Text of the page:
The mechanisms by which cocaine may selectively act on CD8+ T cells, at least in the present experimental system, remain unclear. However, we have earlier reported [14] that primary immunization with influenza virus induces heterogeneous patterns of cytokine response in both CD4+ and CD8+ T cells, but with substantial differences between these two populations. In fact, immune CD4+ T cells were seen to express almost exclusively a single cytokine per cell, whereas immune CD8+ T cells were found to express either a single cytokine or co-express combinations (i.e. IL-4/IL-2, IL-4/IFN-γ and IL-2/IFN-γ). As the frequencies of CD8+ T cells co-expressing different cytokines were not statistically different, we suggested these cells might belong to a single subset of type 0 cells co-expressing all three cytokines; therefore, influenza virus-immune CD8+ T cells can express, unlike the CD4+ T cells, a type 0 phenotype at the single-cell level. This may explain the different effects of cocaine on the two T cell subsets. In fact, type 0 cells represent a subset of cells that exhibit an unrestricted cytokine profile and that, unlike cells already committed to either type 1 or type 2 phenotype [9], can be induced to acquire a specific cytokine profile under the influence of different immunological, hormonal and environmental factors [9,20,21].

The finding that cocaine increased the percentage of cytokine-positive CD8+ T cells while the total percentage of CD8+ T cells in the spleen remained unchanged, supports the hypothesis that cocaine may act by specifically altering the pattern of cytokine production in a subset of precursor CD8+ T cells, rather than by altering their absolute number or distribution. Furthermore, we can reasonably exclude that the differences in the effect of cocaine on the two T cell subsets could depend on differences in experimental conditions. In fact, the cytokine profiles of both the T cell populations were evaluated in spleen cells obtained from the same animal, under similar conditions of activation, at the same time after restimulation with influenza virus, in the presence of the same complexity of immunocompetent cells and at comparable assay sensitivity.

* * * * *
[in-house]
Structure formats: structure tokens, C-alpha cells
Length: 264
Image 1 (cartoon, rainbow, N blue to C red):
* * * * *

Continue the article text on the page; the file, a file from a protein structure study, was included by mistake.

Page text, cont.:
Whether the up-regulation of IL-2 and IFN-γ expression by CD8+ T cells may be related to the immunopathogenic mechanism responsible, either partially or completely, for cocaine-induced immune dysfunctions remains to be determined. However, recent studies [20–22] have shown that CD8+ T cells can be divided into two distinct subsets that secrete type 1 or type 2 patterns of cytokines with different physiological roles. In particular, type 1 CD8+ T cells, which produce IL-2 and IFN-γ, can inhibit type 2 (antibody) responses [20]. Thus, the inhibitory effects of cocaine, e.g. on B lymphocyte response to lipopolysaccharide (LPS) and antibody response to sheep erythrocytes [23–26], could be caused by the increase of IL-2- and IFN-γ-expressing CD8+ cells.

Our findings demonstrating that CD8+ T cells are the target (or one of the targets) of immune effects of cocaine are in agreement with earlier data suggesting that cocaine can induce an increased susceptibility to infections [1]. Indeed, CD8+ T cells play a central role either in anti-viral immunity [27,28] or in many bacterial and protozoan infections [29]. Recent studies have also clearly established that these cells, in addition to their cytotoxic activity against virally infected cells, can exert, through differential cytokine production, a regulatory role on differentiation and activation of other immune cells involved in the anti-viral response [10,22,28,30]. Thus, the fact that cocaine induces a dysregulation of CD8+ T cell cytokine production suggests that by this mechanism the drug can affect the immune response to infections, and may also explain the data in humans suggesting an increased risk of infection, including HIV infection, among drug users [31–33].

In conclusion, we demonstrated that cocaine administered during the in vivo differentiation of effector T cells stimulated by antigen (influenza virus) increased both the frequency of CD8+ T cells singly or co-expressing IL-2 and IFN-γ and the titres of these cytokines in virus-restimulated spleen cell culture supernatants. In contrast, no effect was found either on IL-4-positive CD8+ T cells or on IL-2-, IFN-γ- and IL-4-positive CD4+ T cells. Our findings suggest that the immunomodulatory effect of cocaine may be due to the up-regulation of the production of IL-2 and IFN-γ in CD8+ T cells of type 0 cytokine profile.